On March 11 the Indonesian People's Consultative Assembly is expected to reelect President Suharto for a seventh five-year term and to confirm an aircraft engineer, B.J. Habibie, as vice president. The assembly's decision is not in doubt: One-half of the 1,000 members are appointed by Suharto.
Four days later, on March 15, the International Monetary Fund (IMF) will decide whether to provide an additional installment of the $43 billion promised to the Asian nation following a precipitous fall in the value of the rupiah, the national currency.
Between now and the 15th, IMF authorities must determine the Suharto government's willingness to undertake reforms considered necessary to justify the international assistance. The president's recent actions have created doubts that he is prepared to take the steps necessary to meet the IMF's conditions.
Mr. Habibie, Suharto's choice for vice president, is known for grandiose, expensive projects - inappropriate in a time of belt-tightening. Suharto's recent dismissal of the governor of the Central Bank and consideration of the establishment of a currency board also did not find favor with the IMF.
The Indonesian president has led the nation through 32 years of impressive economic growth - for which he takes much of the credit and is justifiably proud. Believing order and stability essential to development, he has manipulated the political process and discouraged dissent. He has closed bothersome publications and recently restrained the political activities of his predecessor's daughter, Megawati Sukarnoputri.
Indonesia's economic success has created conditions that lie at the heart of today's economic crisis: rapid urbanization, displaced peasants, a growing gap between rich and poor, and above all, a favored position for family and friends. Over the years, in a pattern common in authoritarian regimes, Indonesia has become a Suharto family fiefdom through generous grants of credits, patronage, protection, and import privileges. Investors have understood that their chances of success are enhanced by including a member of the Suharto family in an enterprise. And Suharto is determined to protect that family position.
At the end of his next five-year term, in 2003, Suharto will be in his 80s. He undoubtedly expects to live out his term, but, if he does not, the vice president becomes his successor. Habibie has long been a close associate of Suharto, captivating the president with his technical and industrial enterprises. Through his organization of Muslim intellectuals, Habibie has appealed to Suharto's growing identification with Islam. Of equal importance is the president's confidence that Habibie will protect the interests of the family.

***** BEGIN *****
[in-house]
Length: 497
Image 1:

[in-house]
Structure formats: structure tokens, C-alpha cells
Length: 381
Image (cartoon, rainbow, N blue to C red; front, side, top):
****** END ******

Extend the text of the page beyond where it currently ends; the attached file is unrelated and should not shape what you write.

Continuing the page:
Many Indonesian observers had expected the vice president, as in the past, to be chosen from the Army. The military remains the central stabilizing force in Indonesian politics. But Suharto's choice of Habibie suggests the president did not have the confidence that a military officer would serve the family's interests.
The idea of the establishment of a currency board to stabilize the exchange rate of the rupiah has been promoted by an American economist, Steven Hanke, reportedly introduced to Suharto by two of the president's children. Although other economists believe that this approach to the current crisis might work, many worry that, by offering a fixed exchange rate, it will provide an opportunity for the family to protect its wealth through conversion into dollars.The IMF fears that the currency board concept could result in higher interest rates and a depletion of the country's reserves.
Throughout Indonesia's economic growth, policies have been heavily influenced by a group of US-educated technocrats. The president has listened to them in previous crises. Publicly, at least, they have not been heard from now, suggesting their conservative approaches have lost out to the flamboyant Habibie.
In the time still left before the IMF's mid-March decision, Suharto appears to be modifying his position on the currency board. The fund is likely to maintain its rescue package in Jakarta, but the path ahead will not be easy.
The IMF and others advising the Indonesian government will continue to encounter national pride, Suharto's confidence in his own economic sense, his closeness to B.J. Habibie, and his determination to protect the family's wealth. "Family values" has a special connotation in Asia.
* David D. Newsom, former undersecretary of state, is Cumming Memorial Professor of International Affairs at the University of Virginia.